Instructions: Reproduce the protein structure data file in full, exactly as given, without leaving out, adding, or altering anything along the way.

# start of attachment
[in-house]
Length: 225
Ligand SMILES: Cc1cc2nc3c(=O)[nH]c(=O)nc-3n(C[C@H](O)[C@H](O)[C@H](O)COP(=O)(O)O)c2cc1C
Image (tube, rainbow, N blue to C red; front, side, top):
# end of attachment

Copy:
[in-house]
Length: 225
Ligand SMILES: Cc1cc2nc3c(=O)[nH]c(=O)nc-3n(C[C@H](O)[C@H](O)[C@H](O)COP(=O)(O)O)c2cc1C
Image (tube, rainbow, N blue to C red; front, side, top):